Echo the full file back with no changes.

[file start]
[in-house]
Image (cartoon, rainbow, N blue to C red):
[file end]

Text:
[in-house]
Image (cartoon, rainbow, N blue to C red):